Eric B. Szarmes, PhD.
Originally from British Columbia, Canada, Eric Szarmes received his Bachelor of Applied Science in Engi- neering Physics from the University of British Columbia in 1985, and his Ph.D. in Applied Physics from Stanford University in 1992, where he did his doctoral research in high resolution free-electron laser spec- troscopy under Professor John Madey. He was a postdoctoral research scientist at the Duke Free-Electron Laser Laboratory from 1992 to 1998, where he made pioneering contributions to the development of the phase-locked and chirped-pulse free-electron laser. In 1998 he joined the faculty of the University of Hawaii where he is currently an associate professor of physics. His current research interests include the theory and design of novel optical resonators for high-resolution free-electron laser spectroscopy, x-ray generation and high-field physics. His greatest passion is for teaching.
– Pursue what you love! If you do what you and pursue what you love, every opportunity that presents itself to you will be to your benefit.
– Don’t get discouraged by what is the most popular or trendy career choice at the moment, be true to yourself.
Julie Walsh, PhD.
Dr. Julie Walsh is an assistant faculty specialist at the Center for Pacific Islands Studies at UH Manoa. Although hired as faculty in 2008 to develop curriculum and a proposal for a BA degree in Pacific Islands Studies, Julie has been at Manoa since 1995 when she began her PhD (2003) in the Anthropology Department. She now serves the Center in many capacities: as academic advisor to the undergraduate students, as committee member to MA students, as professor of the core Public Policy and Community Development course (PACS 301 WI, E), as student engagement coordinator, and curriculum and assessment coordinator. Julie’s research interests and publications are focused on the Marshall Islands, US-RMI relations, and issues faced by Micronesian people in Hawaii. She serves on the board of directors for a number of local non-profits. She is committed to supplementing classroom learning with community engagements and meaningful application of students skills and knowledge in the ‘real’ world before students graduate (!). She welcomes students, their questions, frustrations, and hopes with open arms.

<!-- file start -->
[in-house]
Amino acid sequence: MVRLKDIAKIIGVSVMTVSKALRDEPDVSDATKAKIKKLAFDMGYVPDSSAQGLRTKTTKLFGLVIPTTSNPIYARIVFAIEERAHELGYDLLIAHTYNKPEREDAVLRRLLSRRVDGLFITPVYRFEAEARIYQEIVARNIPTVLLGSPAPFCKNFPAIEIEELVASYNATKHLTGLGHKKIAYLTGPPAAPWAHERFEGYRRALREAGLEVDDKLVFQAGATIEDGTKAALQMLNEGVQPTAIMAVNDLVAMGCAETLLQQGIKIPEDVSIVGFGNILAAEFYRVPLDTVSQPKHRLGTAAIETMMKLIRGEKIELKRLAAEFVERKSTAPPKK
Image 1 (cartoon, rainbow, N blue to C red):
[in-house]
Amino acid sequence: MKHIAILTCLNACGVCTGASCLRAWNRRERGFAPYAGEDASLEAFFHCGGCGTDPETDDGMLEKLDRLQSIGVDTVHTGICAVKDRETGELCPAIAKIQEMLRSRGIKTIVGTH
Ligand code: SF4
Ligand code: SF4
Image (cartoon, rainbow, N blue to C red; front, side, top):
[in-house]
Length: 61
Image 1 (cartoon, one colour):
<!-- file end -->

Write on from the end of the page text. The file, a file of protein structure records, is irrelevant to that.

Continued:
– Be open-minded and get engaged!
– Follow in “small baby steps”, listen to your inner voice of what you like and don’t like.
– Trust the people who you care about, ask them for their opinion for their perspective on your decisions.
Amy Hubbard, PhD.
Amy Hubbard is a Professor in the Department of Communicology at the University of Hawaiʻi at Mānoa. She currently serves as the Chair and the Director of Graduate Studies of her department. Born and raised on Oʻahu, Dr. Hubbard attended the University of Hawaiʻi at Mānoa and earned her Bachelor’s degree in Business Administration with an emphasis in Marketing and her Master’s degree in Speech. Her doctorate degree in Communication is from the University of Arizona. While there, everyone would ask her why she left paradise for the desert heat! Dr. Hubbard has been with the University for over 20 years, teaching both undergraduate and graduate students. Her main areas of study focus on conflict management, nonverbal communication, interpersonal relationships, and deceptive communication. She has received recognition for her teaching and research, including the Board of Regent’s Medal for Excellence in Teaching and Top Paper awards at conferences around the U.S. She is also the current past Chair of the Nonverbal Communication Division for the National Communication Association.
– Take all the classes you can! You never know how useful it might be. Be open and humble to new experiences!
– Avoid the “should’ve; could’ve; would’ve”!
– Be involved and be on campus! This will enrich your college experience!
– Be a planner! “Prior Propper Planning Promotes Pro-Performance”